Senior Yoga Medicine® teacher Rachel shares key suggestions that will set you and your students up for success.
Shelter-in-place orders have changed the world, including the yoga world. Although the future is uncertain, what we know for sure is that yoga teachers are facing (and will continue to face) many new challenges.
But that’s not necessarily a bad thing. Along with new challenges, changing times also bring new opportunities. Unable to access their normal yoga spaces, many students have, for the first time, come to appreciate the true impact of regular practice on their physical and mental health. This is one reason why online yoga of all kinds is more popular than ever. In addition, being able to practice privately, in a safe space of their own choosing, seems to have made yoga more appealing to many individuals who don’t feel as comfortable or welcome as they should in formal yoga spaces—older students, students with disabilities, and those with larger bodies, to name a few.
And while there are plenty of both pre-recorded and livestream yoga classes available online, some individuals don’t feel motivated or confident when practicing alone.
Fortunately, videoconferencing is becoming commonplace across nearly every population.
And all of these factors combined mean that virtual one-on-one yoga has come into its own.
One-on-one yoga in general is all about trust, which means that students are more likely to book a session with a teacher they know (or is recommended by someone they know) or with one who has particular expertise. These factors open up many more possibilities online than they do face-to-face.
Firstly, location no longer limits your student population. Perhaps you have moved several times in your teaching career, or you are based somewhere with a significant tourist draw. Online yoga makes you accessible to all of your previous students, regardless of where they or you live. It also means that your existing one-on-one students are able to recommend your teaching to their contacts worldwide.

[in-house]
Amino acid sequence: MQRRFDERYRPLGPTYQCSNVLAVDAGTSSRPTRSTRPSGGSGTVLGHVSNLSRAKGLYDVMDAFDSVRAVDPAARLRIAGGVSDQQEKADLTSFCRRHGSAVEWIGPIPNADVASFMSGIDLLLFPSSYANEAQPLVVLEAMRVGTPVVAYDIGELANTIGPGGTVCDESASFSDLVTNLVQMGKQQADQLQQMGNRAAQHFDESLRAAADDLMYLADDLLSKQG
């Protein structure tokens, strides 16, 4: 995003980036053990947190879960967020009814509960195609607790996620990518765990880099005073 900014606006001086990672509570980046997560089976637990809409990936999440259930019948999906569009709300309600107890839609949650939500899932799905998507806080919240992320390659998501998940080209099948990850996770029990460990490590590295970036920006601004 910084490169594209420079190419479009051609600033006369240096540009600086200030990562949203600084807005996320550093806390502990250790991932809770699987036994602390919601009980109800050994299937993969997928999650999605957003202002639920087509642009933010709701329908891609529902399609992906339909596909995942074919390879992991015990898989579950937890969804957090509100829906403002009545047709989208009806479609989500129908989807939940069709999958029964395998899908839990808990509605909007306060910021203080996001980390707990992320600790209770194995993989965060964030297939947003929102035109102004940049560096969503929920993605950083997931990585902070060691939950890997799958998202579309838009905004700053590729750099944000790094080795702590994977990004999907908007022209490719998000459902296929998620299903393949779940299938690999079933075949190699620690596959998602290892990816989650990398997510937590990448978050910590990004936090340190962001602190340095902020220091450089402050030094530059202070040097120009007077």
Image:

Secondly, virtual teaching means that niche markets significantly increase in size. Perhaps you have an unusual qualification or background, a specialty that is incredibly beneficial to a particular population. While there may not be enough of those students in your local area to offer you a sustainable living, that changes in the online market. In a similar vein, if you have something to offer immune-compromised students who benefit from individual attention, they may be actively seeking online options for the foreseeable future.
All in all, online one-on-one yoga may be the perfect opportunity for you to explore right now. And while some aspects of teaching one-on-one are the same regardless of the platform we use (such as the need to tailor each session to the individual student’s needs and goals), some considerations are unique to online sessions.
1. Your Teaching Setup
Our teaching space always deserves care and attention, but this is even more important when teaching remotely. The appearance and sound quality of the space we choose become crucial when it provides the sole container for our interaction with students.
So aim for your space to be:
• Uncluttered. If you can, set up in front of a fairly blank wall in order to reduce visual distractions and allow your student to focus on your instruction and their practice. A plant or two, a painting, or minimal furniture may add welcome warmth, but clear away anything else not needed for the session.
• Practice ready. Include a yoga mat and props in clear view, should you need them to demonstrate. Choose props your student is likely to have or can replicate at home. Allow enough space to be able to demonstrate your planned poses without having to move furniture or your device as well as somewhere you can sit close to your device in order to observe your student’s alignment.